Reincarnation!
the beast - past - page ii
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Last updated Jan 26, 2019.
Two years of hatchback conformity found me longing for
my rolling spectacle, which had since become a storage
shed behind my house in East Hamilton.

I acquired a second truck - 2 feet longer - in 2005, and
with a 3/16" twist drill and two rivets, Fletcher simply
became Mulder. No alien technology required.

I'd like to claim nostalgia as the reason for the sketchy
VIN plate swap, and to a large degree this is certainly
true, but I also just didn't feel like giving the man another
bag of silver for a title and taxes. As well, the old girl had
already passed the age of emission test exemption, so I
would be able to do as I pleased as far as engine swap
options.
I spent the next summer of evenings after work and
weekends hand stripping the nearly 450 square feet of
paint with the nastiest of chemicals that would burn skin
through latex gloves, the container rife with cancer
warnings, using aluminium coupons as scrapers.

This job truly sucked, but after decades of driving junk
full of wonky spot putty and high fill primers, I wanted a
clean straight metal canvass.
The shop is where the heart is. The kitchen would
suffice. Once that unfortunate divorce was settled.

Although not realizing it at the time, I had become quite
the proficient welder by the time that this project was
underway; in my opinion the quintessential skill for
anyone who wishes to roll with aspirations above Harbor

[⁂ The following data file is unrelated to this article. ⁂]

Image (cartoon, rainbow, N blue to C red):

Freight bolt-on kits.

I managed 1/64" tolerance over 78 inches with the front
wrap around armour. Unfortunately the truck was only
manufactured to 1/4".

Being somewhat OCD and having to purposefully
fabricate out of square to properly mate with a
trapezoidal body not properly centered on the frame
was .. traumatic.
A rudimentary interior cage and a Captain Kirk control
panel.
Save for the light arms resistant windshield armour -
ironically spun up not for the zombie apocalypse, but for
idle little bastard rock tossing children in the white trash
part of the Hammer where I lived having already claimed
3 windshields - it still might have passed for a well kept
delivery truck.

Note the original GMC dog dish caps.

However this wasn`t the plan.

The sides once again remained bare aluminium, and the
roof white. Practical summer considerations.  
Relatively legal, roadworthy, and bad ass - certainly
recognizable at the pubs, the patrons of which had
nicknamed her ``The Bomb Squad Truck``.

I was never entirely certain as to just how effective the
front wrap armour would be when I built it - was I simply
fabricating what amounted to nothing more than a poser
brush guard?

This put to the test in 2016 when a reversing 15 ton
class four straight truck drove her backwards nearly five
feet at a brisk walking speed.

She's definitely bona-fide battle ready.
Arguably right at home in Chickenhead Alley.
Mid-apocalypse film set. Barton Street, East Hamilton,
2007.